ACTIVE STRAIN PARTITIONING IN THE CENTRAL WALKER LANE, WESTERN GREAT BASIN: COMPATIBILITY OF GPS VELOCITIES AND NONPLANE INCREMENTAL STRAIN ESTIMATED FROM SEISMICITY AND FAULT-SLIP INVERSION
OLDOW, John S., Univ Idaho, Dept Geological Sciences, Moscow, ID 83844-3022, oldow@uidaho.edu.

The central Walker Lane is part of a transtensional boundary zone separating plane-strain extension in the Great Basin and NW block motion of the Sierra Nevada. Active displacement is accommodated by a complex array of ENE to NW trending faults forming a 100 km wide stepover between NW-trending transcurrent faults of the Eastern California shear zone and northern Walker Lane. Earthquake focal mechanisms are consistent with geologic offsets and have right-lateral, left-lateral, and dip-slip motions. GPS velocites record a complex but systematic westward change in direction from WNW to NW and an increase in magnitude from 2-4 mm/yr to ~14 mm/yr. Incremental strain estimated from earthquake focal mechanisms and fault slip inversion records an east to west transition from plane to nonplane conditions accompanied by a 55 anticlockwise rotation of the axis of maximum horizontal extension. Along the western margin of the central Great Basin, extension is N50W and progressively changes to N80-75E along the eastern margin of the Sierra Nevada. The west-central Great Basin deforms in plane strain and has a NW-trending extension axis consistent with NW-directed GPS velocities. In the central Walker Lane, progressive divergence between extension axis orientation and the GPS velocity field indicates nonplane strain (constriction) associated with transtensional deformation. West from the eastern margin of the central Walker Lane, NW-directed extension varies from plane strain to wrench dominated transtension with a strain vorticity of 1.0-0.8. Farther west, as the Sierra Nevada is approached from the east, the extensional component of bulk strain increases and deformation shows a progressive change to extension dominated transtension with a corresponding change in strain vorticity of 0.7 to 0.2. Constrictional strain formed during active deformation in the central Walker Lane is partitioned into spatial domains that vary from wrench dominated to extension dominated transtension from the central Great Basin westward toward the Sierra Nevada.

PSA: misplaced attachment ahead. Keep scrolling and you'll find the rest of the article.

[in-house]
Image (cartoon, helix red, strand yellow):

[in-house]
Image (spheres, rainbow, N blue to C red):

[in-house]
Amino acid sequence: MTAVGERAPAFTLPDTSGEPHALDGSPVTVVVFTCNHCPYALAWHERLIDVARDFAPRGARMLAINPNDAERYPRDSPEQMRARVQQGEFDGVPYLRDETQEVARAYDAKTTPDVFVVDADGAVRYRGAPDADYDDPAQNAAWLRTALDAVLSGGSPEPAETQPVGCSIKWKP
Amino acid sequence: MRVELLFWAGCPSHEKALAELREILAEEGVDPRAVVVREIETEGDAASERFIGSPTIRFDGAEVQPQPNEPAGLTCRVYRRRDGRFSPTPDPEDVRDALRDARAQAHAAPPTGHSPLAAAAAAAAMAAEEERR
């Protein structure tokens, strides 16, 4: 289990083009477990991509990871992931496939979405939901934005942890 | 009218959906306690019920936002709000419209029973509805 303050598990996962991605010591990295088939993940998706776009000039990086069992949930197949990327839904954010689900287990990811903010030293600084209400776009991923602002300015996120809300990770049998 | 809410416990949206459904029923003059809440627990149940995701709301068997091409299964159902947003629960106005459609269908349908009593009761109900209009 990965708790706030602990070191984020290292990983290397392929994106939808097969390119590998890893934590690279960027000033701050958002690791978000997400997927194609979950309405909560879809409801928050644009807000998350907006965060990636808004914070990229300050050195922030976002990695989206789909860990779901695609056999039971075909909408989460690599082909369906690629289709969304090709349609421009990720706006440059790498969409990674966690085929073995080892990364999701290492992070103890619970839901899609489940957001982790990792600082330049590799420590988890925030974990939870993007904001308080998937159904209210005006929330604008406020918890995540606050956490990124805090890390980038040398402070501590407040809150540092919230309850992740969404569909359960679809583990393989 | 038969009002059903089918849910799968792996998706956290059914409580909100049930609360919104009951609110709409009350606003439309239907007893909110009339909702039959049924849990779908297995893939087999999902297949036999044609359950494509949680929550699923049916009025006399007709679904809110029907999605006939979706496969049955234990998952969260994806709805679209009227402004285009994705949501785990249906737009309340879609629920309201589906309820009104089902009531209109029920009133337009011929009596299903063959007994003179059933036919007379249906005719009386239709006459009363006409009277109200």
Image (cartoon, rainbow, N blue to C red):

Cordilleran Section - 98th Annual Meeting (May 1315, 2002)
Session No. 32
Active Faults of California
CH2M Hill Alumni Center: Multipurpose
8:00 AM-12:00 PM, Wednesday, May 15, 2002
 

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